Sartre: The Road to Freedom

Sartre: The Road to Freedom

1999, Philosophy  -   32 Comments
Ratings: 8.26/10 from 47 users.

Sartre: The Road to FreedomTo be told, you are responsible for the period of history that you are living in. You have not only the right to choose, but the duty to choose and if you are now surrounded by poverty, by war, by oppression, by cruelty - that is what you have chosen. Sartre was the leading advocate of atheistic existentialism in France but he was also interested in the novel, drama, literary criticism and politics.

He is best remembered for his philosophical works and his idea of communistic existentialism which he expressed in novels and plays such as his debut novel Nausea (1939), which depicted man adrift in a godless universe, hostage to his own freedom. He had a long term affair with the feminist philosopher, Simone de Beauvoir, and together they were at the center of French intellectual life from the late 1920s onwards. His great philosophical work is Being and Nothingness (1956). Like Kierkegaard and Heidegger, Sartre emphasized the burden of individual personal freedom: that although we can’t escape the fact of our situation, we are free to change it. He drew a distinction between the unconscious and the conscious.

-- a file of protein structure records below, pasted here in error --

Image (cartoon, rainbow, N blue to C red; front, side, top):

After the Second World War, during which he fought for the Resistance, he became increasingly interested in Marxism and his involvement with the French Communist party was part of his desire to overcome the economic and social "structures of choice" which he found restricting. His main contribution to Marxism is Critique of Dialectical Reason (1960). Sartre refused the 1964 Nobel Prize in literature on "personal grounds", but is later said to have accepted it. (Excerpt from

More great documentaries

32 Comments / User Reviews

  1. Peter M Mullen

    I think Sartre was kind of a Dick in a world of "Dicks" Richard will never be the same.

  2. Michael

    Sartre was great, except for his willingness to apologize for Stalin and his death camps. Camus should have beat him down intellectually even more then he did for that.

  3. Guest

    as a student mental health nurse, sartre's ideas are particularly challenging regarding free-will. Does a schizophrenic have free will, for example? Did they choose to be "mad"? If so, what are the implications? To reject the prevailing paradigm? But How? The paradigm is pushing down on them, surely, shaping their rejection?. I reject free will because we're never truly free- society shapes us, as much as we shape it. its very confusing...fortunately im just a foot soldier guided by deontological ethics, and shaping treatment is a few pay scales above my current situation, but being aware of sartre's ideas seems enough at the moment

  4. Sam Contos

    genetics are relative to your environment...

  5. Kate Murray

    Darwin - Is not conditioning learning and genetics completely different? Genetics for me is more about features, eye color, hereditary deceases and immunities whereas conditioning learning, especially in Sartre's case is what we pick up on as we grow - live etc.... ?

  6. SociologistVengue

    I love this one!

  7. Darwinsnipple